My Pivotal Tech Talk: From Measuring to Understanding

Starr Horne bio photo By Starr Horne

If you’re interested in machine learning and Ruby, you’ll probably like this talk I gave at Pivotal Labs in San Francisco:

Overall, it was a great experience. The Pivotal crew was awesome. They had great food. And I got to fly Virgin America for the first time.

Here’s the transcript:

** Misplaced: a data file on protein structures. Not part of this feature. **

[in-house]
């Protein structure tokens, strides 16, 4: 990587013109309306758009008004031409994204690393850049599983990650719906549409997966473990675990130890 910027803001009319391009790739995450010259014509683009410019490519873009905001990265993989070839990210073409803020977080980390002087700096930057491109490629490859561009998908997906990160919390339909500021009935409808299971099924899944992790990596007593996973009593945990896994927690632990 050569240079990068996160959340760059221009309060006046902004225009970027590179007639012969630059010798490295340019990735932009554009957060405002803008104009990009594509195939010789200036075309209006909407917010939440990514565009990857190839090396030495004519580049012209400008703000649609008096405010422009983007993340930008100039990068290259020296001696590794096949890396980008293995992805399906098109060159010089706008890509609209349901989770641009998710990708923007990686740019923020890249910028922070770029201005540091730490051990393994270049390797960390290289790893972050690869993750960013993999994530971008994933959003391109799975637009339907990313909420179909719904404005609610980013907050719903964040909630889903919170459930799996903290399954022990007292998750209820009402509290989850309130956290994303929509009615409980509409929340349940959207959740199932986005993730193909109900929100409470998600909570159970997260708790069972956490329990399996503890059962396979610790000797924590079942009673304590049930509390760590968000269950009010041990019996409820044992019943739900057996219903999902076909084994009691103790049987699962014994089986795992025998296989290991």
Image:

Starr Horne: My name is Starr Horne. I am with Honey Badger. You may or may not know us. We monitor Ruby apps in production and let you know when bad things happen, downtime, exceptions we just added performance monitoring stuff and launched that. We have this problem that I imagine a lot of you guys have as well. We have a ton of data. We have all this data. We have data about our own processes, we have data that we collect on behalf of our customers, and for the most part, what we do with this data isn't really that exciting, right? We just grab it for errors. We maybe count things, and if they go over a certain threshold, we email somebody. I started thinking, "Wouldn't it be cool if we could do some awesome stuff with this data? Let's do some more interesting stuff." I started doing a little research. I came across this company. It's actually located in California. They suck in all of this garbage information from the web, all these LOLcat blogs and Justin Bieber fan sites. They turn it into a product that can answer any question that I have. How does it do that? That's like magic to me. How does it do that? How does Pandora know that because I like Otis Redding, I'm probably going to like James Brown? Actually, right before getting up here, I got a call from my credit card company, saying somebody had bought some stuff at Walmart in Georgia and would I like my credit card cancelled. I was like, "Yes, please." How do they know that? I suspect the answer is math. This is a problem for me because I'm not a mathematician. I'm just a workaday programmer. I consider myself closer to being an electrician than a mathematician. A lot of Rubyists fall into this category. These subjects don't really get a lot of play in Ruby-land, these subjects of data mining, machine learning, all this stuff, but they're important. In case you guys have just been working and haven't stuck your heads up in the past five years, this stuff has pretty much taken over the world. I want to be on the side of the conquerors, not the side of the conquered. We're going to do something a little bit different. I've only got 30 minutes. Most talks that I've been to, the speaker selects a topic. Then they try and go as deep into it as possible in the time that they have. I'm not going to do that. We're not going to go deep here. We're going to go shallow. We're going to cover a lot of machine learning topics. I'm not going to go into detail in any of them, which may seem not very useful, but personally, I find this stuff useful. If I know that for a certain type of problem, there exists a certain type of solution and I know the name of that solution, then I can go look it up. If I don't know that that solution exists, then I'm just screwed. I recently had this happen to me. I was working on some internal metrics. When you have a software-as-a-service app, you need to know certain key metrics, like "Am I making money? Am I having more customers convert than I'm having cancelled"? You think, "That's all fine. That's easy to pull out of the database." You do that. You plot it on a graph. You get a really, really crappy graph. In case you're wondering, blue is money. I don't even really need to know that much information. I don't even need to do that much analysis here. I just want to know "Is my money going up, or is my money going down"? and I can't even do it from the raw data. Given my relatively unsophisticated mathematical background, I'm thinking, "This is easy. I'll just do a rolling average." You do a rolling average. That graph also sucks. In the first graph, we had too much data. We had too much detail. In the second graph, we don't have enough detail. There are actual inflection points and trends that are getting hidden by the averaging. Maybe if I change my parameters here and I tweak things, maybe I could make this moving average thing work, but I really don't have time for that. I don't want to do that for every single line in my graph. I'm just too busy for that. I was talking with Thomas Fuchs. He suggested that I check out this thing called "LOWESS." LOWESS is a graph-fitting algorithm. It's different from the graph-fitting exercises you may have done in stats class where you have to look at the data and say, "This data looks like a line, so I'm going to go and do a least squares regression on this." It's going to be horribly painful. With LOWESS, you just give it the data and it plots a graph on it. It fits a graph on it, which is amazing. I applied this to my data. We get some useful lines. You can see inflection point, like when I went and deployed an update to our billing system that made it easier for people to sign up, we saw an inflection point. This was amazing, the algorithm's cool and all that, but the thing I thought was amazing was that I didn't have to do any work on this. I had to do 20 minutes of work to make this happen. The thing that I needed was this password, LOWESS. I had to type this password in to Google, and then suddenly I was able to solve this problem. That peaked my curiosity. I started to wonder, "What else are they hiding from us"? It turns out they're hiding a lot. There are lots of pretty well-known solutions to pretty well-defined data mining and computer learning problems that are complex mathematically, but are pretty simple to implement once you know about them and once you download the right gems. We're going to go through some of these. The first of these is one of my favorites, because I can understand it and it's simple. This is houses on a graph. I don't know if you've ever used Zillow, but this is a screenshot of Zillow. I didn't put the prices up there, because this is Seattle and I didn't want to make you guys depressed. See how cheap things were. I had to make that joke, because this is one of five cities where I can make that joke and it will be true. If you've ever used Zillow, one thing that stands out to me and annoys the hell out of me is that when you zoom out, the land gets smaller, but the house icons stay the same size. Those houses are two miles wide now. Maybe you could scale down the houses and make them really small, but that would give you a crappy UI. A better solution is to do what Trulia does, which is to cluster them. What they're doing here is they're using an algorithm called k-means clustering. It's one of the most common clustering algorithms you'll find. You may have heard of it. It's so easy that I can explain it to you right here in about a minute. What you do, in order to do k-means, is you say, "I'm going to have five clusters." You have to determine the number of clusters out front by fiat, then you say, "I'm going to throw these cluster points randomly up on the graph." It doesn't matter where, then I'm going to say, "All you houses, find the cluster point that you're nearest, and you now belong to that cluster." Now, in your program you've got five arrays full of houses. You iterate over those. You average the XY points. Now you've got new cluster points. You've got five new cluster points. You say, "OK houses, forget all that other stuff. Now, using these new points, go find the nearest cluster. You belong to that." You keep doing that until the houses stop jumping around, basically. If any of you guys studied this in school, I'm sure I completely butchered the algorithm, but this is how I see things. That's all well and good for houses on a graph. This is a pretty one-off thing. It's a pretty unique use case, but it turns out you can do this with any type of data you can put on a graph, which is neat. Take images, for example. We're used to thinking of images as these 2D matrices of pixels, but you can also represent an image as a graph of colors in color space. If you run a k-means clustering algorithm against those, you can find, I forget how many colors are actually up here, but, say, 16 colors that you can use to represent all of these hundreds of other colors up there. I don't know if any of you guys spent the '90s playing around with Photoshop filters and making band posters like I did, but you know where this is going. This is going to Posterize. In Posterize, you have a dialog box and you say, "Make this image in to five colors," or whatever. It makes it all psychedelic and awesome. Maybe you're not in to psychedelic stuff, and that's fine. This whole Posterize operation, it's reducing the number of colors, is one step removed from downsampling an image from, say, 24-bit color to 8-bit color. It also works with music. [music] Sorry, I like this. I want to listen to it. What happens is that when you downsample an image like this, when you downsample music like this, you're reducing the file size. You wind up with a Lossy compression. Once you have all that crap together, you have the perfect recipe for audio and video codecs. [music] That makes me want to dance. That's cool. Fun times over. What the hell does this have to do with what we actually do with what we actually do as Web developers? This is all cool and everything, but what's that Einstein? Einstein's saying we should ask what a cluster is. What is a cluster in the abstract? A cluster is a bunch of objects that you put in to a geometric space in such a way that objects that are close together in the space are similar in some way. I showed you houses. That's probably the most obvious solution. I showed you colors, which is a little bit more abstract. You also do this with ideas. You can do it with people and characters. Here we've got the standard character class graph, and we have all the Star Trek characters grouped on it. Up in the left-hand corner you've got Picard who's lawful good. He always follows the rules and he's good, but Kirk, he's a good guy, but he plays by his own set of rules. He's chaotic good. Once you have things on a graph like this you can find relationships that you may not have been able to see before. This is the basis of a lot of machine learning. It's silly, but it is. For example, we might not have noticed that, for example, Kirk probably would enjoy having lunch with Q more than he would enjoy having lunch with Picard. I didn't know that before. You can use this to predict things in the future. Who would I enjoy having lunch with more? I'm up there by Bones. Me and Kirk, that would be an awesome lunch, if you're watching this, William Shatner. [laughs] Borg queen, though? Right out, don't want anything to do with her. [laughs] This is really stupid. Obviously, this is put together in Photoshop. How do you do this with a computer? How do you get from things that a computer can understand, like strings of text, and it doesn't even understand the strings of text, it understands that it's a string of data. How do you get from that to being able to plot meaning on a graph? That's pretty crazy. That's pretty out there. It turns out there's math to do it. I'm about to show you guys the most magical thing that I've ever done on my computer. In the next few examples, we're going to talk about a bookshop. A quaint little bookshop happened to be bought by an eccentric European billionaire, wants to take on Amazon. His first decree is that the people have to have recommendations. They want to be able to recommend similar books to people, so if you get a book about farming you might also like a book about chickens or about sheep. This is a tough nut to crack, because before I started looking in to this my first approach might be to say, "We've got these categories and got this metadata. Let's try and go and do some sort of search inside of..." Einstein's saying we should use Latent Semantic Indexing. He knows a lot. We're going to do that, similar items with Latent Semantic Indexing and primary component analysis. This is what I meant about the magic words. It turns out with these techniques you can take a list of books. These are nerdy books, of course on integral equations, attractors for semigroups and evolution equations. I copied these out of a scholarly article, so that's why. I was too lazy to make my own table. I'm walking you through a Latent Semantic Indexing process. You take this list of books, then you index it by words by book, which books contain which words. It's a matrix of ones and zeroes. It should be obvious how that works. I'm going to do some complex math that is simple code. It's about five lines of code. You have your data. You take your data. You run it through some linear algebra stuff. You wind up with two, wait, that's four, two sets of XY coordinates. One of these sets of XY coordinates relates to the words, and one of them relates to the books. If you plot these on a graph you get that. I'm going to give you a second to look at this and let it sink in, because when I read this I was so excited. I went around for an hour. I was giddy. I called my wife. She's not even a computer person. I was calling her, and being like, "Oh my God"! What we have here is we have books, and we have the words that describe those books clustered according to which ones are more similar. We're able to solve the problem that the eccentric billionaire posed for us. We're able to say, "If the user likes B8, they're probably going to like B13, and B4, and B15, because those are similar." Not only that, you can solve a lot of problems that dude didn't even ask for. You can use this for search. You can take a search query, map this into this graph, and if it winds up near a certain cluster of books, then there's a good chance that's what the person is actually searching for. It's all fuzzy, but some people speculate Google does a lot of stuff like this. It's how they're able to figure out that the Amazon River is different from [amazon.com](http://amazon.com/), because you get these clusters of meaning, which is amazing. We're moving on from that. We're done. We implemented that. I told you we were going fast. This guy, he's impressed, client's impressed. He says, "I'm impressed," but now they've got this other problem. They implemented this comment system for books, this review system for books. The system has one huge problem, in that people are actually leaving bad reviews for books. When people leave bad reviews for books, fewer people buy those books which seem like a problem for a "businessey" guy. The guy wants us to be able to automatically classify good reviews and bad reviews so they can hide the bad reviews down at the bottom. Bear with me, because I know that no online retailer would ever tamper with online reviews. This is just an example. This is an example of sentiment analysis. We're trying to figure out is the review good, is it bad, is the person who wrote it happy, were they sad? Bayesian classifiers is a good approach for this type of problem. You guys probably all know about Bayesian classifiers. They're used a lot in classifying spam. We love them as developers, because they're fast, they're really easy to implement, and to understand, and they're useful for a wide variety of problems. Even though they're built on shaky fundamentals, for some reason they work. It's this weird magic truth. The first thing you do, if you're going to tackle this problem, is you hire some people on Mechanical Turk, or whatever, to go through and rate each review as good or bad. This one's a bad one. This one's probably a good one, and then you train your classifier. When you do that it's very simple. You're making a bunch of counts. You guys probably already know all this stuff. I'm going to go through it anyway. For each word, you make a list of counts of the number of good reviews it was in, the number of negative reviews it was in. When a new review comes in, all you have to do is split it up in to words, figure out how positive and negative each word is, and then do some math to glom those all together in to two probabilities, the probability that it's a positive review and the probability that it's a negative review. I should point out that these probabilities. First of all, they don't add up to 100. Second of all, they're complete crap. Essentially you can't trust a, and I use Bayesian classifier to give you real probabilities. The reason is because of that naive part. We made several assumptions. Actually, you make an assumption, to make the math go faster, that all of these words are independent, that the probability of one word being in a negative review doesn't affect the probability of other words being in a negative review. Your probabilities are wrong, but more often than not you can make this comparison return the correct result. It's cool. This guy, he's feeling his oats. He's getting to be really obnoxious. They have found that people get really in to these book series, so if you email somebody right when the new Game of Thrones book comes out, they're much more likely to buy that Game of Thrones book from you, but they don't want to email every single person on their mailing list, because some people don't like Game of Thrones. This is my favorite slide out of this whole presentation. I was so happy about this. [laughs] This is a good example of something that is a good use case for a, it's called a decision tree. Decision trees are really neat for problems like market analysis, because essentially you take a list of attributes about, say, a person, so you have age, education, income, marital status, and then the last one is the one that we're trying to predict, whether or not they like Game of Thrones. You run it through a magical decision tree maker, and you get a graph. You get an actual graph that you can use to figure this stuff out yourself. You're not 100 percent dependent on the computer, which is neat, because if you're doing a marketing analysis you can give this to the marketing guy, which is cool. They might be interested in the fact that for some reason everybody who's over 55 years old really likes Game of Thrones. I don't know why that's the case, but I would spam the hell out of them with all the sci-fi fantasy stuff. This may seem trivial to you, you go from a table to a graph, but it's not. There's some interesting math going on in the background, because in order to make this graph make sense, in order to be able to predict the outcome using the fewest number of steps, you have to do some analysis on the table and figure out which columns provide the most predictive information about the outcome. To do that, you use these formulas that were developed for signal analysis in the '50s, and it's really glasses and pocket protector stuff. You deliver this. The marketing guys are thrilled. They're ecstatic, because they can actually understand something you gave them for once. Now the dude's off his rocker. He's wanting you to build him an OCR, optical character recognition. You have to do it from scratch because the dude had a bad experience with Java one time and all OCR packages are written in Java. I don't know what that pancakes thing is about. I stayed up too late last night making these slides. Oh, great. Now even Einstein's not helping us. Beware the curse. The curse is a curse of dimensionality, which is probably my favorite mathematical term ever, because it's so dramatic, even though it describes something extraordinarily simple and mundane. The curse of dimensionality basically means that if you have a dataset, and that dataset is along one dimension, say, a line, as you increase the number of dimensions in that dataset, the data gets farther and farther apart. The points get farther and farther apart. It's easy to think about if you think of two points on a line. This is one dimension. I've just got width. I'm going to add height. For any value of height, except for zero, the distance between the two points gets bigger. If you wanted to add a third dimension, it's sort of the same thing. The reason that Einstein is being really creepy about this is because as you add dimensions, as this data gets more and more spread apart, a lot of machine learning models tend to get less effective. This is my really long and awkward segue in to text recognition with support vector machines. Support vector machines are one type of classifier. They're good with highly dimensional data, with matrices with a lot of dimensions on them. Here's what a support vector machine looks like. I'm going to give you the really hand-wavy explanation for why they foil the curse of dimensionality, and that is because they're not actually looking for clumps of data. They're actually trying to find lines or planes that give you the greatest separation between data, so you're actually looking for a space in between things. In two-dimensional spaces this looks like this. In three-dimensional space it gets crazy. One other interesting thing about support vector machines is that they can actually handle nonlinear boundaries. In a lot of these machine learning techniques, these classifiers, there's a line in the sand, and if you're on this side then you're classified as one thing, if you're on this side you're classified as another thing. Support vector machines, through this clever mathematical trick, are able to draw really wavy lines and planes. I don't know what a plane is called when you make it 500 dimension. The reason for all this dimension stuff, I'm not trying to sound smart, because I usually fail at that, the reason for all this dimension stuff is that when you deal with subjects such as OCR, optical character recognition, handwriting recognition, you're dealing with images. Here I've got some bitmaps. These are 32 by 32 bitmaps. That's what we tend to think of these as, but when you go to do an analysis on these, the way that you do this analysis is you turn this in to a 1,024-dimension matrix. Once you do that, you can do all this crazy linear algebra stuff on it. You can run all these classifiers on it, and it works. You can make handwriting analysis using these support vector machines. I didn't write this program, but I found a screenshot of it online. I consider that proof. [laughs] To summarize, we have smoothing, clustering, houses, images, audio downsampling, compression, market segmentation modeling, spam detection, personal recommendation, similar items, full-text search, and handwriting recognition. I'm sorry I couldn't get more in. I can't talk that fast. If you would like to learn more about this, there are two really good video courses online, Stats 202, it's a Google lecture series, and there's also a Stanford Machine Learning course. It's about 20 hours of graduate level machine learning stuff that is amazing and mind-blowing to watch. I need to credit Iliar Gregoric's blog, because he's got a lot of simple machine learning examples. I stole, all my code examples from his blog. I need to credit him. If you want to learn more about what I'm up to, I blog at [honeybadger.io/blog](http://honeybadger.io/blog), I'm on the tweeters at @starhorn. That's it.